Behavioral Health

Health & Human Services

The reasons for seeking Behavioral Health Services vary, but may include relationship struggles, addictions, depression or anxiety, mental health diagnoses, parenting concerns, past or current traumatic experiences or situational stressors.
Whatever the reason, the HHSD understands that Native culture is an important factor in how an individual lives their life, the decisions they make and their treatment goals.

The HHSD strives to provide culturally specific treatment with the ultimate goal of promoting the highest level of overall well-being for each individual. NHBP Behavioral Health Clinicians are licensed to practice in Michigan and carry specialties such as certificates in the treatment of addictions, trauma informed practice and alternative treatment methods. They also have experience serving the diverse Native Community.

The NHBP Behavioral Health Services team takes a trauma informed, resiliency-focused and person-centered approach in the provision of many individual, family and group treatment modalities, such as:

  • Addiction support, referral or treatment
  • Parent-child, family or relationship counseling
  • Case management
  • Coping skills
  • Acudetox
  • Crisis intervention
  • Cognitive Behavior Therapy (CBT)
  • Brief and solution focused therapy
  • Psychoeducation
  • Psychoanalytic therapy
  • Safety planning
  • Mind body skills
  • Structured Sensory Interventions for Traumatized Children, Adolescents and Parents (SITCAP)

Some examples of services the HHSD cannot provide at this time are:

  • Advanced psychiatric care
  • The control, prescribing, dispensing or administering of medications
  • Dialectical Behavior Therapy (DBT)
  • In-patient addiction services
  • Intensive outpatient programming (IOP)
  • Homebased child and family treatment

New patients will need to complete the following forms:

Additional Programs

Traditional Health

Traditional healers provide traditional healing services for requests such as but not limited to:

  • Anishinabe names, colors, Clans
  • Doctoring for illness
  • Natural medicines for treatment of illness
  • Dreams and spiritual guidance

Contact: Pine Creek Health Facility 269.729.4422

Traditional healers may offer sweat lodges, shaking tents, sun Dances, fasting and vision quests. In addition sacred items such as the pipe, Drum, Eagle Feather and eagle whistle help make the connection with the Creator to aid in the healing of the individual. Traditional Healers often gather and prepare their own natural Medicines to offer individuals. Traditional Healers also use counseling and teachings – group or individual to guide each on the path to Mno Bmadzewen.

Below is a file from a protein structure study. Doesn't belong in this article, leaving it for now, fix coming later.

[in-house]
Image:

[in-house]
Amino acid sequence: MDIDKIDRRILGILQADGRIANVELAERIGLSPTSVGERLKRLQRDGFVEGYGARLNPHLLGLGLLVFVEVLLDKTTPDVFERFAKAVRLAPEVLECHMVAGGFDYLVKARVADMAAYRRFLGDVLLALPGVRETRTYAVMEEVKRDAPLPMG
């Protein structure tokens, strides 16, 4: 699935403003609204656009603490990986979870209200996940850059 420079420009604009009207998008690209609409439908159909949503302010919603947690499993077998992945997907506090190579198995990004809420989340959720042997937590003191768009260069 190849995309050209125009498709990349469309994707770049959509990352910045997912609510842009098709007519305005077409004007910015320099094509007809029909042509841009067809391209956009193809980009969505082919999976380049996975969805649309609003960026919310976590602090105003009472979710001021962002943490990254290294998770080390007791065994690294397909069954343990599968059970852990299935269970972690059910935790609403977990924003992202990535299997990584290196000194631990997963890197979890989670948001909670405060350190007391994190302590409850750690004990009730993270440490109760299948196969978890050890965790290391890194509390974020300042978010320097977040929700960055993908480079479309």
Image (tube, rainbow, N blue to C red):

There are no out-of-pocket fees for Traditional Services provided at the Health Facilities for American Indians and Alaskan Natives. However, offering a full pipe bowl of natural Séma (Tobacco) to the Traditional Healer is the normal protocol.

This is open to any individual who qualifies for services through the NHBP Health Clinic. Services are offered monthly and by appointment only.

NHBP Crafting and Talking Group

NHBP Behavioral Health Services offers the NHBP Crafting Group and Talking Circle. This is a crafting and talking circle for Native people in recovery. The craft group is held on Thursdays from 1 to 3 p.m. at the Grand Rapids Health Facility.

Jonathan Rinehart
Behavioral Health Case Manager
616.514.3646 or

NHBP Drum Group and Talking Circle

NHBP Behavioral Health Services also offers the NHBP Drum Group and Talking Circle. This is a Drum group for Native men working on recovery. A talking circle is included. The Drum Group occurs on Tuesday evenings from 6 to 8 p.m. at the Grand Rapids Health Facility.

Jonathan Rinehart
Behavioral Health Case Manager
616.514.3646 or

Batterer Intervention Program

NHBP offers a Batterer Intervention Program, which is a 26 to 52 week program for perpetrators of domestic violence. This program is available to all Native and non-Native men who are involved in the court system due to charges related to domestic violence. There is a cost to this group, $15 per week. A one-on-one intake appointment is required.

Jonathan Rinehart
Behavioral Health Case Manager
616.514.3646 or

In order to benefit from these services, the individual must be an American Indian or their descendant, who qualifies for services through NHBP, mothers of unborn American Indian or Native American children or an NHBP employee. The individual must complete a Behavioral Health Screening that can be scheduled by an NHBP provider or calling the front desk at either health facility.

Rosalind Johnston

Health and Human Services Director